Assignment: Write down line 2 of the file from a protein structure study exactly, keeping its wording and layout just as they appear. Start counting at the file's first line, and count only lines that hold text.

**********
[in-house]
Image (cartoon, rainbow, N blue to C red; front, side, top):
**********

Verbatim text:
Image (cartoon, rainbow, N blue to C red; front, side, top):